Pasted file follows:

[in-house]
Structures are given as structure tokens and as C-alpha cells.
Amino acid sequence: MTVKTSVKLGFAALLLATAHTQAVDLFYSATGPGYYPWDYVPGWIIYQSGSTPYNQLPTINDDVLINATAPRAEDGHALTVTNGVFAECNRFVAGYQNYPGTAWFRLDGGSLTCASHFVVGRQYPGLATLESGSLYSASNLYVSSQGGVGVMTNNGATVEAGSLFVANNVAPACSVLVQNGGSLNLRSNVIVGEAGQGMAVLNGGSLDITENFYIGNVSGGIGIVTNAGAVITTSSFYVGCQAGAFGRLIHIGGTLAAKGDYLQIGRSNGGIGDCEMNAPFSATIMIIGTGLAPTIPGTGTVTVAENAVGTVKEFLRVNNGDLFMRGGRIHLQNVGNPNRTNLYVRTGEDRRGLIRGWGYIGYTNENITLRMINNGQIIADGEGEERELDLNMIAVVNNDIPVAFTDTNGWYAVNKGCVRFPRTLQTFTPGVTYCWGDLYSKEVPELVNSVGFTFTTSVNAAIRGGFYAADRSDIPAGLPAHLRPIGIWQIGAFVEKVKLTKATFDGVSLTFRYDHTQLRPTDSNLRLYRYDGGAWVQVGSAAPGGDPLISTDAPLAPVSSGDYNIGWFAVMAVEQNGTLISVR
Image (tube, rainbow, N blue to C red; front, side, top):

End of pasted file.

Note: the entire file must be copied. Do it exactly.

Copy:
[in-house]
Structures are given as structure tokens and as C-alpha cells.
Amino acid sequence: MTVKTSVKLGFAALLLATAHTQAVDLFYSATGPGYYPWDYVPGWIIYQSGSTPYNQLPTINDDVLINATAPRAEDGHALTVTNGVFAECNRFVAGYQNYPGTAWFRLDGGSLTCASHFVVGRQYPGLATLESGSLYSASNLYVSSQGGVGVMTNNGATVEAGSLFVANNVAPACSVLVQNGGSLNLRSNVIVGEAGQGMAVLNGGSLDITENFYIGNVSGGIGIVTNAGAVITTSSFYVGCQAGAFGRLIHIGGTLAAKGDYLQIGRSNGGIGDCEMNAPFSATIMIIGTGLAPTIPGTGTVTVAENAVGTVKEFLRVNNGDLFMRGGRIHLQNVGNPNRTNLYVRTGEDRRGLIRGWGYIGYTNENITLRMINNGQIIADGEGEERELDLNMIAVVNNDIPVAFTDTNGWYAVNKGCVRFPRTLQTFTPGVTYCWGDLYSKEVPELVNSVGFTFTTSVNAAIRGGFYAADRSDIPAGLPAHLRPIGIWQIGAFVEKVKLTKATFDGVSLTFRYDHTQLRPTDSNLRLYRYDGGAWVQVGSAAPGGDPLISTDAPLAPVSSGDYNIGWFAVMAVEQNGTLISVR
Image (tube, rainbow, N blue to C red; front, side, top):